Monday, August 13, 2012

Hey Ladies, Look at My Spinach

Mademoiselle MacGill was not a master teacher (they didn’t have such swanky designations in my weary, failing high school), but I’ve just discovered that the lessons she taught back in Ritenour High School certainly seem to have stuck.

In the creepy old attic that is my brain, high school French was buried under several layers of dusty show tunes, to-do lists and towering stacks of worry. Yet, when our exchange student, Hugo, arrived from Paris on Friday night, the old French reappeared – a bit worse for wear, but still vaguely useful.

It appears that, between watching countless episodes of “Love, American Style,” I seem to have spent the majority of my study time on French nouns, because they are the only parts of speech I recall with any accuracy. Poor Hugo looks more alarmed than reassured when I blurt out a word that’s just come to me, delivered in a rusty accent that’s been made even less comprehensible by that Minnesota lilt I’ve picked up over the years. But hey, we talked about the “bateau” that would be at the cabin, and I made repeated references to Betty the “chat,” feeling mighty worldly as I did.

As we groped for ways to amuse this sweet, jet-lagged and obviously gobsmacked kid, we took Hugo to the farmer’s market. He wants to be a chef, and I thought that food might be a universal language, which it pretty much proved to be. But how in the world did I remember that an eggplant was an “aubergine?” That, I’m afraid, is a mystery for the ages, but of course the credit goes to Mademoiselle MacGill.

By the end of our visit to the market, I’d even found that I remembered two entire sentences related to food: Allons, mesdames, voyez mes epinards ("Hey ladies, look at my spinach," from the “At the Market” chapter in our textbook) and Vous n'êtes pas un homme, vous et en champignon ("You aren’t a man, you’re a mushroom," from Le Petit Prince by Antoine De Saint-Exupery.)

If my French was awful, it turned out to be significantly better than my mime skills, which I starting putting to use whenever one of those dusty nouns could not be pulled into service.  On Saturday afternoon, we had our usual family emergency, the sort that’s delivered fresh and hot several times daily in these parts, and I had to mime my way out of it. 

Mary Katherine bolted into the garden, where I was supposed to be weeding and where, in fact, I was doing what they used to call “woolgathering,” intoxicated by the crisp weather and the scent of the basil plants.  “Dad is missing,” she announced dramatically, “and we have to leave for the theater RIGHT NOW.” We tried a few vigorous shouts, but he seemed to be hiding, abducted, or lying in an exhausted heap somewhere. Then someone noticed that the dog’s leash, and – here’s where the real detective work comes into play – the dog itself, was missing, and a theory was formed as to the parental unit's current whereabouts.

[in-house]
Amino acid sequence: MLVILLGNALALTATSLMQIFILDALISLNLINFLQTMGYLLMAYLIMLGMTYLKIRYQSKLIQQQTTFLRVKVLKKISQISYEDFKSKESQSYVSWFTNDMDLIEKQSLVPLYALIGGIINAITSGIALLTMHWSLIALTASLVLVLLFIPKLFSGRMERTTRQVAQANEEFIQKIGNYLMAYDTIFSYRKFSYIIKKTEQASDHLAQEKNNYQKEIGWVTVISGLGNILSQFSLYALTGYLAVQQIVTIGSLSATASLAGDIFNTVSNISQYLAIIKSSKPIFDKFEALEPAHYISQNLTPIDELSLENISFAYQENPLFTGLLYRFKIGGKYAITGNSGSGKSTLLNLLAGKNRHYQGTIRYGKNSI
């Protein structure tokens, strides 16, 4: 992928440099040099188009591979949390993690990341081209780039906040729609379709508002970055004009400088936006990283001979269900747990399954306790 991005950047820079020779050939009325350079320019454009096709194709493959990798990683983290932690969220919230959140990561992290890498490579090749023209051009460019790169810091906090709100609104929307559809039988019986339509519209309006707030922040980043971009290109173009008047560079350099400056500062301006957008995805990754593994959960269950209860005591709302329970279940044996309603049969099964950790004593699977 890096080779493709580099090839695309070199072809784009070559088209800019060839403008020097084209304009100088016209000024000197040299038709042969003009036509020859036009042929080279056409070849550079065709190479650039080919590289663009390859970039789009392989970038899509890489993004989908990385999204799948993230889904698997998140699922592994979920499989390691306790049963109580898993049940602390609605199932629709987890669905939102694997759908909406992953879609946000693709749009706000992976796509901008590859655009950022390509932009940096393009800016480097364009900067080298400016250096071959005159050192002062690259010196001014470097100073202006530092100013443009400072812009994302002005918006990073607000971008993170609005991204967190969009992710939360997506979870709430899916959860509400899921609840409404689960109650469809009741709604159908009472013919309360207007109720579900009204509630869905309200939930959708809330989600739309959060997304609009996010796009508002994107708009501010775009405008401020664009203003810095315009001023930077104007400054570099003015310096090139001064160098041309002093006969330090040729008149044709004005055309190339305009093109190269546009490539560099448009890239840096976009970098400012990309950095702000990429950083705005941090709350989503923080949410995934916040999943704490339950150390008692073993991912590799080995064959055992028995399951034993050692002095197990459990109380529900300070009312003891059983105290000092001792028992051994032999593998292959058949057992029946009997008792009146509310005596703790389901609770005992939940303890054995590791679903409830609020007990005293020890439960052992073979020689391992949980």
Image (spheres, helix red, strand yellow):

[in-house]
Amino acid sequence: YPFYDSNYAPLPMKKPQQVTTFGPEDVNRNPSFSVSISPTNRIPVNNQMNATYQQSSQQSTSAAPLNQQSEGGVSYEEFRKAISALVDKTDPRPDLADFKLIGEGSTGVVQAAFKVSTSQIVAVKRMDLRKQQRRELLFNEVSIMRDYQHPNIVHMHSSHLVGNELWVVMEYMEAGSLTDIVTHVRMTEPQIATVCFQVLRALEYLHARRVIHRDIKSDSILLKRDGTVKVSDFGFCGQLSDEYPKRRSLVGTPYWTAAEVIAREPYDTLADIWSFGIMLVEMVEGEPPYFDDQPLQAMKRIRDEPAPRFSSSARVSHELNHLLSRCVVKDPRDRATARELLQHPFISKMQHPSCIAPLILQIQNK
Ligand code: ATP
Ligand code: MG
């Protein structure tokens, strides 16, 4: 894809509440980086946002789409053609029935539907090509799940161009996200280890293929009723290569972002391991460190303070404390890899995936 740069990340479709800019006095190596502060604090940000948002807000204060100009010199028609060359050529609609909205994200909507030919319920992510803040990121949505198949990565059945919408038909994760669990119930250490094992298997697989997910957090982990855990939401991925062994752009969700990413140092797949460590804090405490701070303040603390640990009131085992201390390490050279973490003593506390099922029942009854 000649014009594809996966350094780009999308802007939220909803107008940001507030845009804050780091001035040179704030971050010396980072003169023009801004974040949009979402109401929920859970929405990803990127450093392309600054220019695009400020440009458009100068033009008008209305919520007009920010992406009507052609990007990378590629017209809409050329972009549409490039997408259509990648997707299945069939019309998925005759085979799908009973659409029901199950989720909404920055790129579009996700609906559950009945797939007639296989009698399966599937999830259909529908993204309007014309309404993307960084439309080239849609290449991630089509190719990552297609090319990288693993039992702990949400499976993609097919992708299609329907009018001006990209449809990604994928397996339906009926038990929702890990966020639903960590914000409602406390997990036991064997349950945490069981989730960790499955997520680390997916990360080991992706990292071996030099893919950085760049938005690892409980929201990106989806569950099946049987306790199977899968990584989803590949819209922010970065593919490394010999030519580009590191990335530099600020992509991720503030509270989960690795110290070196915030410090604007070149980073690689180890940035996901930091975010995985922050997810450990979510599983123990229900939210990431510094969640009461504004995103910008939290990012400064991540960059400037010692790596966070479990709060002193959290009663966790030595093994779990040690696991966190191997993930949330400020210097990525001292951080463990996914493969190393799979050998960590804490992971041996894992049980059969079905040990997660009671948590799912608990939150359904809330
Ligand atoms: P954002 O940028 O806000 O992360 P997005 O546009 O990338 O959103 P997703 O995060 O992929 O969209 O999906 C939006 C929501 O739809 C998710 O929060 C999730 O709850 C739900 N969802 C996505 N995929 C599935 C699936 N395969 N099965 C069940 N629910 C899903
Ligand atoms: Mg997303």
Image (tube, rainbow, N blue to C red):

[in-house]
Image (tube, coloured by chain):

Mary Katherine could not wait, so I pulled off my gardening gloves and prepared to drive to a location near the giant Jesus Wall off 35W, one of my favorite locations in the city, because I get to say “Jesus Wall” when I go there. She told me that she’d bought a ticket to the play for Hugo, too, so I tried to tell him that he was leaving, like NOW, as she was putting it. Too lazy to look in the French-English dictionary we’d been using, I decided to act out what was going to happen next. “You are leaving with me,” I said, with lots of mutual chest-pointing.

“You will go to a plaaaaaayyyy,” I added, very slowly and loudly, which is the surefire American treatment for communicating with foreign-like-talkers of all stripes. I added what seemed like a true touch of genius at this point, and enacted what I thought was a perfect approximation of a person taking a seat in the theater (I was doing so well, I thought, that Hugo could probably tell that the seats were red velvet), and then I tried a sweeping hand gesture to indicate my joy at the show that was unfolding before me.

Hugo, who is nothing if not incredibly polite, nodded in what might have passed for comprehension and headed off to get his sweater. It was only when I got to the car and started to tell Mary Katherine of my great breakthrough in Franco-American communication, that I began to see my recent performance in a new light. Viewed another way, by, say, a sane person, my indication of taking a plush red theater seat might have looked vaguely intestinal, and my sweeping indication of the action on stage might have looked like something requiring Windex. I began to feel that perhaps Hugo had gotten the idea that I was telling him I urgently needed to wash windows, while sitting on the toilet. 

I began to laugh, very hard, at my own stupidity, which is such a wonderfully freeing activity that I do it several times a day. Mary Katherine became suspicious, asking, “WHAT did you say to him?”

“Oh honey,” I said, as I wiped my eyes, “at least I didn’t ask him to look at my spinach.” 

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